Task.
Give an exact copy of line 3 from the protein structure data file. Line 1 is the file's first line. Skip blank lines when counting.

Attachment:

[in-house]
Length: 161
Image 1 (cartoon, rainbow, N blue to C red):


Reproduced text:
Image 1 (cartoon, rainbow, N blue to C red):